Comprehensive Report In July 2015, pre-empted by a publicity campaign in the local media and the release of a short promotional animation, we published our eagerly awaited second report, ‘Seen & Heard – Why not now?’ The report featured some uncomfortable hard hitting stories, which gave real insight into Hillingdon’s mental health and wellbeing services from the children, young people and their families who have faced the struggles of emotional and mental health. As planned, in addition to containing a rich evidence base, we outlined 10 key principles that formed a ‘blueprint’ for commissioners to provide better support and services in Hillingdon. Transformation Plans Healthwatch Hillingdon had a pivotal role in the formulation of Hillingdon’s Children and Young People’s Mental Health and Wellbeing Transformation Plan. The insight provided by our ‘Seen & Heard – Why not now?’ report, has been an important reference into the experiences of our children, young people and their families and framed much of the contents of the plan. The information in our reports has been referenced in the Children’s Mental Health Needs Assessment completed by Hillingdon’s Public Health team. It was also pleasing to note that Hillingdon was the only borough in North West London t0 complete a needs assessment to inform their transformation plan and this was directly as a result of Healthwatch Hillingdon’s request in our Listen to Me! report for this to be commissioned. Our work was also promoted as an area of best practice by Like Minded, the programme which is looking to transform mental health and wellbeing services across North West London. We continued to collaborate with partners to develop Hillingdon’s transformation plan and in recognition of all our work were invited by the Health and Wellbeing Board to countersign the plan, with the CCG and the Council, before it was submitted to NHS England for approval, as part of a joint North West London plan.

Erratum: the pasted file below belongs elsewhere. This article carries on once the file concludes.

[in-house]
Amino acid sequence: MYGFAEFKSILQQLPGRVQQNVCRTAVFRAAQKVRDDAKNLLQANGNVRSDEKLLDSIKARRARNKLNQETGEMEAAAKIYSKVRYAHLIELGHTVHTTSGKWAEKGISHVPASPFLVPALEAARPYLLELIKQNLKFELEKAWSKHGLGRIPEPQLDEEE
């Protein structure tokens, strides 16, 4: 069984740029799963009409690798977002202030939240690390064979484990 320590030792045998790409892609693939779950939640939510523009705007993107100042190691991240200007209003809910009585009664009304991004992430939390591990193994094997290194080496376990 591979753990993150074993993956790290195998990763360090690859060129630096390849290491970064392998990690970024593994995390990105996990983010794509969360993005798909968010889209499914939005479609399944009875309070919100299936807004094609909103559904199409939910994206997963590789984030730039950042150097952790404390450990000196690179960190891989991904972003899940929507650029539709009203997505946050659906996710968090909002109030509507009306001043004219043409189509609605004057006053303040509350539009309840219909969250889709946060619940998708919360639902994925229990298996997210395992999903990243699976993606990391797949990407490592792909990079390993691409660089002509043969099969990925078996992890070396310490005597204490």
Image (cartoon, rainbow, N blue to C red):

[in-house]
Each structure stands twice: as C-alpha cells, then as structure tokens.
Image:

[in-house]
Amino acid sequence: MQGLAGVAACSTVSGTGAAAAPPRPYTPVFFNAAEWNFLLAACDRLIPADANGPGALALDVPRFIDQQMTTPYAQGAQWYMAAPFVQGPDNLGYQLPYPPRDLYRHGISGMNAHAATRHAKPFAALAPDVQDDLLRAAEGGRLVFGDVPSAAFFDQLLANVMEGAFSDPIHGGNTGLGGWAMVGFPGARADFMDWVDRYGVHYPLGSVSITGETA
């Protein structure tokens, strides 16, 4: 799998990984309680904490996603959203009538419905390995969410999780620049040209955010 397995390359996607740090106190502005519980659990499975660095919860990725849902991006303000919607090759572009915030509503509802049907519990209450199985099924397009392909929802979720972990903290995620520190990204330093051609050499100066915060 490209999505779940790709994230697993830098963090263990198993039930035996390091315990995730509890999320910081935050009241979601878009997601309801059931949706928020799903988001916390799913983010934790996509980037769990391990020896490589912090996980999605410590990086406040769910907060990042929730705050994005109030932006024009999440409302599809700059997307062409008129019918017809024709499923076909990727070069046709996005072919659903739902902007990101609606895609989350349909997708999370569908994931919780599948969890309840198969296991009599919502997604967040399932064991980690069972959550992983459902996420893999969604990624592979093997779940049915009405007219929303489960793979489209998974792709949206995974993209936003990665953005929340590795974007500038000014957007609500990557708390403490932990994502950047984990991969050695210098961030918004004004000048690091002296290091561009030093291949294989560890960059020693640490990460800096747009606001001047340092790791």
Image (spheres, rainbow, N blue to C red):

We did not want to see the momentum for change in Hillingdon slow whilst the plan was being assured by NHS England. Being conscious that every region across the country would be looking to recruit specialist CAMHS staff once transformation funding was announced, we formally asked the CCG Governing Body to consider funding the recruitment of CAMHS staff in advance of the announcement. We also raised concerns with them about the slow progress in the development of the pan North West London Eating Disorder Service and asked for firm timelines to be set in delivering this new service.
NHS England announced in November 2015 that North West London had been successful in its bid and Hillingdon was awarded £524,6233, recurrent for 5 years, to deliver the transformation plan.
Delivering The Plan
We continued to work with and challenged partners on the delivery of the transformation plan, to ensure services were being appropriately planned to meet the needs of Hillingdon’s residents and that children and their families/carers are involved in the process.